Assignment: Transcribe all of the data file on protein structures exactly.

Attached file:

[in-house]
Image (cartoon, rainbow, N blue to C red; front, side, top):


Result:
[in-house]
Image (cartoon, rainbow, N blue to C red; front, side, top):